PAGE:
What a Meeting Planner Considers When Selecting Restaurants

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May 8  |  connect in the city  |   Andrew Maxwell


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restaurantsFor a meeting planner, conference planning often involves booking restaurants or venues. The social component to a meeting can take a lot of the planner’s time. You see meeting planners know that in order to make the meeting or conference attractive they, most often, have to include social activities. If not then registration for the conference can be low, which could be disastrous for both the client and the meeting planner. While an important part of the overall program, restaurant planning can be time consuming.

A Meeting Planners Checklist for Selecting Restaurants

If a meeting planner knows their group well, then selecting a restaurant doesn’t have to be a huge undertaking. But they do need to take the time, upfront, to determine the needs of their group. If exclusivity is important, then it would be a waste of time to engage restaurants that do not have private rooms.


Many meeting planners work from an event planning checklist. Many checklists are personalized based on the experiences of those meeting planners. Each time they complete a group, a planner takes what they have learned and applies it to the next group.

refine search for restaurantsFactors for selecting restaurants and clubs:

The district. It’s important to find out where the group’s participants are willing to travel, and how far.

Cuisine type. Most meeting planners will play it safe and select restaurants that have a variety of menu offerings. There are times, however, when a group wants a particular type of cuisine.

Meal Period. When does the group want to dine? Is it an evening event, or a more lunch/brunch style?

Price range. I have found that when working with meeting planners, a budget or price range is sometimes hard to obtain. However, it is important as prices can vary dramatically from one restaurant to another. It really all depends on the level of service that the client is seeking.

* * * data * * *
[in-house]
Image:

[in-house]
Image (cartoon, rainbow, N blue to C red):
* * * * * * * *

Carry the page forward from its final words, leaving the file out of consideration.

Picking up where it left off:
Is it open on Sunday? Many restaurants, especially in the downtown core of large cities, will close on Sunday evenings. I always make sure to ask what day of the week my clients are interested in before I begin my search for restaurants.

Private rooms. This one’s important if the group is looking for space where they can have privacy from the rest of the restaurant’s guests.

Buyout. Some clients want to take private rooms to the next level and have the entire restaurant exclusive to their group. My experience has taught me that not all restaurants will allow the group to have exclusivity. Sometimes it depends on the night of the week that the client is requesting.

Patio. For those who wish to have outdoor dining.

Wheelchair access. While most restaurants are now required to have wheelchair access, there are certain older restaurants which, due to their location, may not be able to accommodate this.

Many meeting planners dread having to select restaurants. This is one area where hiring a local expert would be beneficial. A destination management company, DMC, pays attention to what is going on in their cities. They are always aware of the latest and greatest restaurants, venues and clubs. Many times, I have directed planners to our restaurant listings directory where they can narrow their search, based on the group’s criteria, to find a suitable restaurant.

 

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